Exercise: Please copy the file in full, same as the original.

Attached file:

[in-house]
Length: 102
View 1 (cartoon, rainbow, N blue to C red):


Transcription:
[in-house]
Length: 102
View 1 (cartoon, rainbow, N blue to C red):